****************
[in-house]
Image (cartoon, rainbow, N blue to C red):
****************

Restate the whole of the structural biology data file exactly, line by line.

[in-house]
Image (cartoon, rainbow, N blue to C red):